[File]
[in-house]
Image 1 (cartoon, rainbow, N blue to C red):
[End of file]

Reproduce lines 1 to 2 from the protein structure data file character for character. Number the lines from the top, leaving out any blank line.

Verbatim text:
[in-house]
Image 1 (cartoon, rainbow, N blue to C red):